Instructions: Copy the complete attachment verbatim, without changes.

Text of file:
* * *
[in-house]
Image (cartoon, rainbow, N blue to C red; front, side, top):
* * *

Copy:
[in-house]
Image (cartoon, rainbow, N blue to C red; front, side, top):